Presidential candidate Ferdinand “Bongbong” Marcos, Jr. vowed to push for absolute transparency on the statement of assets, liabilities, and net worth (SALN) of public officials, stressing he was willing to make his own SALN open to the public.
“I am perfectly willing to show my SALN, and in fact, I have been consistent in doing it before, as a public official,” Bongbong said, in an interview with One News recently.
As he pressed for more transparency in the government, he warned, however, against the possibility that unscrupulous individuals with ill motives may use the same official document only for political purposes, citing the tragedy of the late Chief Justice Renato Corona, who was impeached using his SALN, as an example.
According to Marcos, the motive of those who are requesting the SALN of a government official should also be considered and examined first before releasing it.
“If the purpose is going to be a political attack, then why would we want to do that when you already know the prospect?” he asked.
Marcos cited that the Corona impeachment was a political decision and not an objective decision.
“It was not an objective judgment,” he said.
“Maybe the SALN should be, if there is a case filed perhaps, can be given but not to the public, but certainly to the agents of the court or the court itself whatever that court may be. I think that might be a workable solution.”
Marcos expressed apprehension that if all politicians had an opponent and they would get hold of their SALNs, their enemies would surely make an issue even if there was no issue at all, citing the example of the late Chief Justice Renato Corona.
“Then if there is really a case to bring to the Ombudsman, then we will give it to the Ombudsman which is the proper authorities to investigate. It happened before,” Marcos said.
“I’ve seen every evidence presented, but they practically made a case against CJ Corona out of nothing, simply just because they got a hold of his SALN,” he added.
Marcos, one of three of 23 senators who did not vote to convict Corona, lamented that “they manipulated the analysis of his SALN to make it look that he was hiding something, and anyone who has any background in business will have understood that, that it was not the case.”
The two others who voted to acquit Corona were Senators Miriam Santiago and Joker Arroyo.
Meanwhile, Marcos said Wednesday he was firm on his pro-life stance, but he would allow abortion in extreme cases or in instances where it would be justified.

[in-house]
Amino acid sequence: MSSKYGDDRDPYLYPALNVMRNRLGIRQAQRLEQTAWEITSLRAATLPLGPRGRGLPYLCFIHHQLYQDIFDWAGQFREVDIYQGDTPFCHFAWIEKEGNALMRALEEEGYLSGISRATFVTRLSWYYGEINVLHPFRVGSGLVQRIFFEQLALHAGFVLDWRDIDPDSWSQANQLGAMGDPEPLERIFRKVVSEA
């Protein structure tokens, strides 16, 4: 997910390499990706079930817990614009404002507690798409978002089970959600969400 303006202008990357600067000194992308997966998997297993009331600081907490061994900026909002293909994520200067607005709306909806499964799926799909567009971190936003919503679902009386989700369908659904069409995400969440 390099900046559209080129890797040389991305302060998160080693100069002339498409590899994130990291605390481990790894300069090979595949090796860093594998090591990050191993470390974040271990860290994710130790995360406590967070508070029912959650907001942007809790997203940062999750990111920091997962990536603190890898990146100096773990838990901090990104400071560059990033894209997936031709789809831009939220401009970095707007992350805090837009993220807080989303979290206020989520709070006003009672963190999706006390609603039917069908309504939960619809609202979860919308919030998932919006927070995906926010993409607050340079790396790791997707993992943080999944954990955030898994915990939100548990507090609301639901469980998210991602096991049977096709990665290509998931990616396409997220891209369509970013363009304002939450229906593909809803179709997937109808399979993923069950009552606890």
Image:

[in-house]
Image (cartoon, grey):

“We allow these critical cases to avail of that therapeutic abortion in those instances,” Marcos said, during a one-on-one interview with Boy Abunda.
During the interview, Marcos highlighted that his main concern would always be the safety and welfare of the affected women, some of whom are forced to seek help from illegal abortion clinics that put their lives in danger.
He suggested that to avoid being abused and misused, the abortion law must be very specific on who could only avail of the procedure such as victims of rape, incest and others that may be spelled out and determined by lawmakers.
“I think in severe cases like you say the majority of cases are rape victims, I think they can show that they were raped and it’s not consensual sex that got them pregnant then they have this choice to abort or not,” Marcos said.
“The other is incest. And another is… if the mother is quite young and is not capable, emotionally or mentally not capable to take care of a child, maybe these are also the cases where we can see that abortion is justified,” he added.
Marcos emphasized that he wanted to save lives and as a public servant “what you are looking for is to avoid the tragedies that befall on the victims and their families.”
“Every single one of these statistics that you have read is tragedy in itself it affects the woman involved, it affects the entire family, generally, it affects them for the rest of their lives,” he said.
Asked if his idea did not clash with the position of the Catholic Church, which had stood firm against abortion, Marcos said even as he “cannot argue with Theology but his concern is the large number of women who are hospitalized because of botched abortions.”
“I cannot argue with Theology all I argue is the statistics that you have given me 60,000 people, 60,000 are hospitalized because of botched abortion how many women die, that’s more,” he pointed out.
“If you are a public administrator the concern should be the high death rate and we can do in one fell swoop, we can avoid a large percentage of that,” he said.
Marcos said he had previously discussed abortion lengthily and thoroughly “with all the women in his life and the consensus is that the woman should decide because it is her body.”
When asked if he would initiate a law that would clarify his position on abortion, he said he would leave it to Congress “if that’s the will of the people.”